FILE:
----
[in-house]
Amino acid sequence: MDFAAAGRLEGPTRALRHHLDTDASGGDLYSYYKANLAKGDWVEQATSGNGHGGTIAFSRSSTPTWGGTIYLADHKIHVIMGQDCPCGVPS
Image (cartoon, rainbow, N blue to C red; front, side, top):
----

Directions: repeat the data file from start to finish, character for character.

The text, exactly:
[in-house]
Amino acid sequence: MDFAAAGRLEGPTRALRHHLDTDASGGDLYSYYKANLAKGDWVEQATSGNGHGGTIAFSRSSTPTWGGTIYLADHKIHVIMGQDCPCGVPS
Image (cartoon, rainbow, N blue to C red; front, side, top):